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FRUITY LOOPS 101 - PLEASE direct -ALL- FL questions here

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if anyone has any doubts about how far FL can take you, look up 9th wonder - one of the rising stars of the hiphop world.

http://en.wikipedia.org/wiki/9th_Wonder

"Originally making hip-hop beats from his North Carolina Central University dorm room using software called Fruityloops and selling them on Soundclick, he has since become one of the more accredited producers in the hip hop music music industry."

;)

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if not, put a slide in the piano roll at the same pitch and at the point in time where you want the volume automated. change the slide note's volume to your desired end-volume, and ohsnap, you got it.

Didn't even think of that. That's awesome if it works smoothly.

Speaking of soundclick, check the signature. :)

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Quick question, is it possible to mix in 5.1 with FLStudio? My limited understanding is the panning controls are for stereo only, but I could easily be wrong. I have no way of checking short of making some sort of demo, burning it and playing it through my 5.1 system, but I am too lazy to do so.

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I have a question, too.

When I try to play a lot of loops at once on the step sequencer, it sounds scratchy and distorted. I have the sampling turned up all the way, too. What am I doing wrong? My computer is running on an AMD Athlon XP 1.6 with 256 MB RAM on WinXP Home.

Thanks in advance. If you want, I'll host samples...

_glitch_

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I have a question, too.

When I try to play a lot of loops at once on the step sequencer, it sounds scratchy and distorted. I have the sampling turned up all the way, too. What am I doing wrong? My computer is running on an AMD Athlon XP 1.6 with 256 MB RAM on WinXP Home.

Thanks in advance. If you want, I'll host samples...

_glitch_

game, set, and match.

I'm assuming you were talking about the buffer underrun thing for the sampling... if not, then turn down the samplerate until your final export.

Secondly, go to your mixer and click on "Switch Smart Disable."

Thirdly, upgrade your RAM. 256 isn't going to cut it.

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Quick question, is it possible to mix in 5.1 with FLStudio? My limited understanding is the panning controls are for stereo only, but I could easily be wrong. I have no way of checking short of making some sort of demo, burning it and playing it through my 5.1 system, but I am too lazy to do so.

Sorta. If you have ASIO drivers, then you can choose to let mixer channels output too "Left-Right", "Center-LFE" (whatever LFE is) or "Surround Left-Surround Right". The problem is now you have 3 master channels, and you probably want all your music going towards them, but with different levels.

Using send channels as your outputs would be best, IMHO. Change their output from master to whatever set of speakers you want, and then use your send knobs to throw stuff at them. Easy.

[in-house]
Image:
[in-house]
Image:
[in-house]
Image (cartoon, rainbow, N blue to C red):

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In all honesty, FL is not an application designed for surround sound mixing. You should probably look elsewhere if that's what you want to do.

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Thanks!

I turned off Smart Switch, but the problem remains. It must be a RAM issue. In that case, I'll just wait till I get my new laptop.

Will 512 mb be big enough?

_glitch_

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Thanks!

I turned off Smart Switch, but the problem remains. It must be a RAM issue. In that case, I'll just wait till I get my new laptop.

Will 512 mb be big enough?

_glitch_

Depends on what you're planning to run.

Are you planning on running 6+ instances of commercial VSTs?

Go for at least a gig.

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1GB is always much nicer.

You never know when you are going to need that extra inch of horsepower.

Also, do it when you fist by the computer, not later.

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Are you planning on running 6+ instances of commercial VSTs?

Theoretically, commercial VSTs are much more CPU efficient than free, cheaply made ones [for example VST made with SynthEdit].

I say "CPU efficient" instead because they're still more demanding [Kontakt 2 or Reaktor] because of all the stuff they have :P

SO I GUESS YOU'RE STILL RIGHT

Anyway, 1 GB is going to be needed eventually. I have 1 GB and I wish I had more! though that's mainly not a musical problem, that's more of a gaming problem :)

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Are you planning on running 6+ instances of commercial VSTs?

Theoretically, commercial VSTs are much more CPU efficient than free, cheaply made ones [for example VST made with SynthEdit].

That's assuming that there's a commercial version of the VST made with Synthedit, which pisses me off like you would not believe.

freaking superwave D:

anyway, i was kinda referring to z3ta_ and v-station as far as the effiency thing... those two are cpu killers for sure.

so yeah, get at least a gig still. 2 gigs is hella dandy too.

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Actually superwave has several commercial versions, all of which are more cpu efficient :)

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I had over 23 instances of Kompakt running in my Doom track...bad idea at the time...bad idea now.

Can't remember WHY, but I had a reason...

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Actually superwave has several commercial versions, all of which are more cpu efficient :)
That's assuming that there's a commercial version of the VST made with Synthedit, which pisses me off like you would not believe.

freaking superwave D:

lol, that was my point exactly, that the commercial versions of superwave are way more cpu efficient.

wish i had some money... D:

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I don't know if anyone else has had this problem, but when I edit a sample in the FL wav editor, save the edited version, and then load that sample, the sample keeps the same pitch no matter what I do. All the keys on the piano roll play the exact same note with no resampling or anything. Not even the master pitch changes anything.